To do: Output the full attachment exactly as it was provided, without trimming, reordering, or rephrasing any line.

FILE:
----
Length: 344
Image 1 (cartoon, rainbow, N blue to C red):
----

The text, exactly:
Length: 344
Image 1 (cartoon, rainbow, N blue to C red):